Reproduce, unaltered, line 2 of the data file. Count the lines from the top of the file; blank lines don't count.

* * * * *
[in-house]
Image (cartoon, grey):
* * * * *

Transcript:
Image (cartoon, grey):